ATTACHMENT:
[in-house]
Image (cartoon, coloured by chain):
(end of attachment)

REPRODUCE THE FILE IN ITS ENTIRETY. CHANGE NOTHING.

[in-house]
Image (cartoon, coloured by chain):